• It certainly appeared to be a deliberate tactic, sir, yes. Perhaps I should just give you a bit of context.

  • With the Joanna Yeates investigation, we had -- some of the national media organisations sent down three or four or five journalists to investigate, to look at the -- to report the case, and on many occasions we were fielding multiple enquiries from one media organisation and that was multiplied by a number of media organisations on a very regular basis. Whether it was a deliberate tactic, it certainly felt at the time as though it was, and certainly I think the point of it was very much to get to the heart of the investigation.

    My view was that obviously we had to do everything in our power to prevent that, which is why, when we discussed with the chief and the ACC and the SIO at one stage, we decided to stop answering speculative media enquiries and issued a statement to that effect.

  • Isn't there a further risk here, which is the fact that what is being overlooked is that the investigation is dynamic? In other words, different information can change the view. So looking at a fact through one set of spectacles may lead to one conclusion, but if you add another fact, then the picture looks very different, and if you have gone into print on fact one, it becomes more difficult and potentially creates problems for the investigation if fact two changes the perception of fact one. Is that sufficiently clear?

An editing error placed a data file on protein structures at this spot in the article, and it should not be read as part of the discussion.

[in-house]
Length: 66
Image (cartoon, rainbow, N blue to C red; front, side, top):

• It is right. It is right, and I think that was one of the real dangers, that fact one would get published and then other journalists would pick it up and would take a lead from that, and pursue that particular line or go off in a number of other tangents. So we ended up with a lot of very, very inaccurate reporting, which created problems for the SIO and the investigation team at times.

  • Your next heading -- but you're perhaps grouping here different contexts: "Leaks and investigative journalism". Those two aren't synonymous, of course, but your answer is really directed to the use of experts, in inverted commas, who comment on the investigation from afar with imperfect knowledge and not always with the right expertise. That's really your point, isn't it?

  • "Dangers of comparison". Well, that point speaks for itself. Differences between a case where the offender is still at large and you're trying to catch them and cases where the identity of the offender was known. You can't draw analogies between the two.